February 9 2018
All about SteadyMD–what it is, how it works and why it's a draw for athletes.
Why do you run? I’m sure you can come up with plenty of reasons: To lose weight, get in shape, build endurance, enhance your health, feel better, or accomplish a goal.
But did you know it can actually make you smarter?
Numerous studies have shown the link between brains and brawn, adding more reasons running makes you awesome at pretty much everything. Here’s a rundown of how your run habit can boost your brain:
A recent study reveals that long-distance runners have significantly greater functional connectivity. This means that the brain regions are working together more effectively and results in better executive function including planning, awareness, multitasking, learning, and memory tasks. These findings are similar to benefits associated with more complex fine motor activities such as playing an instrument.
This is quite remarkable given how simple running is. The seemingly low-skill, repetitive exercise can benefit your brain as much as more “thinking” tasks.
Research continues to prove the mental benefits of exercise on top of physical fitness. “Its effects rival antidepressants in head-to-head studies,” says Dr. Michael Otto, PhD, of Boston University.
You probably know that all-over feeling of well-being after a run and maybe even experienced the great “runner’s high.” Beyond the temporary feel-goods, we now know that running can help treat anxiety and depression.
Quite simply, when you’re in a better mood, you can think clearly, respond reasonably and solve problems more easily. Everything just flows better, am I right?
Regular exercise is a proven way to improve sleep time and quality and maximize natural body rhythms. And sleep affects pretty much everything, from mood to energy levels to immunity to memory.
If you’re actually getting the sleep you need, that brain fog will lift and you’ll be at a higher level of mental functioning overall. Amazing what a well-rested head can do!
Speaking of mental function, a good run has a tendency to boost your energy, which in turn helps you think more clearly and positively. This is why many people love to run first thing in the morning–you start the day literally on the right foot with a good mood and set yourself up for clear thinking the rest of the day.
Indeed, science shows that your sweat sessions release key chemicals that improve cognitive performance, memory, and the ability to concentrate. That’s a potent recipe for a focused, productive day!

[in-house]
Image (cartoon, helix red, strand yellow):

This is not all that surprising given the previous point. All of that brain-boosting, fog-clearing activity paves the way for enhanced learning ability and focus on school work, for both children and adults. Exercise directly affects frontal executive function, which is responsible for tasks involving concentration, planning, and organization.
A regular exercise program could be the key to unlocking academic potential and is especially helpful for those with ADHD affecting their studies. Even a quick 20-minute bout of exercise on the day of an exam can boost scores. Now that’s something worth taking notes on!
You may have heard that exercise is strongly associated with slowing cognitive decline in older age. Elderly individuals who keep up a regular exercise routine show significantly less gray matter loss and have better memory.
Furthermore, a groundbreaking study published in The Journal of Physiology found that running promotes neurogenesis—the formation of new brain cells. So you’re not born with a set amount—you can actually keep generating new brain cells and running helps you do that. Pretty amazing, right?!
Any way you look at it, running can actually make you smarter—and you don’t even have to think about it!
Just one of many more reasons to keep up your run habit throughout life.
Lindsay Kunkel, known as Trainer LJ, is a certified personal trainer, slightly obsessive smoothie-maker, wife and mom of three boys. She helps women get fit at home with her online programs. A few of her favorite things include going running, getting stuck in yoga poses, and hiding to eat all the chocolate.